In our ongoing series on defensive shotguns, the topic of buckshot will likely come up frequently. For centuries, buckshot has been the standard load whenever the shotgun is employed against human targets. It’s one of the primary reasons why, in the words of Tom Givens, “when people get shot with a shotgun, they stay shot.”
While buckshot has the ability to dominate a gun fight, not all loads are created equal. Care must be taken when choosing buckshot for defense, and the best choice might change depending on the specific shotgun used. This is better explained in pictures than words, so watch the video below for details on how to determine which defensive load to use in your shotgun.
Choosing Buckshot – The Shortcut Method
I don’t typically play favorites with defensive ammo choices, but if you watched the video, it’s pretty clear that the Federal FliteControl is an absolute game changer in the world of defensive shotguns. Performance won’t be identical in every shotgun, but inside of 10 yards, you can expect just about any 12 gauge to create a single hole with FliteControl ammo. Previously, this kind of performance could only be achieved by careful barrel selection or custom modifications to the gun.
I’m not suggesting you don’t have to pattern your shotgun if you use this ammo, but if you want to skip over the process of trying out a dozen loads of buckshot to find the right one for your gun, just grab a few boxes of FliteControl and there’s a good chance you’ll be impressed with the results. For #00 buckshot in 2 3/4″ shells, there are two versions available — an 8 pellet load, and a 9 pellet load, both sold in 5 round boxes or 250 round cases. Some boxes are labeled as “Tactical Law Enforcement” and others say “Personal Defense”, but the ammo inside is identical. Federal also makes a few #00 FliteControl loads labeled as “Vital Shok“, but these are intended for hunting, and have more recoil than the self-defense versions.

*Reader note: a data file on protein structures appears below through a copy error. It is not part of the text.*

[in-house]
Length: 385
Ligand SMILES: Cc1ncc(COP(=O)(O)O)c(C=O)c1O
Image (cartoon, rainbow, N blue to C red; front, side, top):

Now, before this starts to sound like a commercial for Federal, the FliteControl ammo is not flawless. I attended a shotgun class this past weekend with Tom Givens, and every student had a chance to try the Flite Control ammo in their shotgun at 15 yards. Most of the patterns were well within the 8-inch center of the target, but at least two of us experienced fliers. In the photo below, you can see my target showing a single pellet that hit high and to the right of the others.
The FliteControl wad works by holding the pellets together after they exit the barrel, and then fins on the wad cause it to gradually pull away from the shot. This separation typically occurs around 10 yards from the muzzle. After that point, the pellets begin to spread. Usually, this spread is gradual, and the pattern stays tight out to 25 yards or more, but if an individual pellet isn’t perfectly spherical, it can still stray from the group at closer distances.
My best guess for the case of the flier pictured here is that some of the buffer compound melted and stuck to one of the pellets when the shell was crimped at the factory. This gave the stray pellet an irregular shape, and it failed to continue in a straight line after separating from the wad. At 10 yards and under, I haven’t seen a round of FliteControl create anything larger than a fist-sized hole. At further distances, a tight pattern is still very likely, but fliers are possible.